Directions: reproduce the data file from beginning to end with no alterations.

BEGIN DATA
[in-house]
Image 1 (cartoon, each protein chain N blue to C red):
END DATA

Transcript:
[in-house]
Image 1 (cartoon, each protein chain N blue to C red):